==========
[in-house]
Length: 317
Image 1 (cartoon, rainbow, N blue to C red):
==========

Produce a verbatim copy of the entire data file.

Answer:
[in-house]
Length: 317
Image 1 (cartoon, rainbow, N blue to C red):